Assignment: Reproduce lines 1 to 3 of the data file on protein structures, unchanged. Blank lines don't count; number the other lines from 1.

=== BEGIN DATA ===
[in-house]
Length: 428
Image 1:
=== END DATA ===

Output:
[in-house]
Length: 428
Image 1: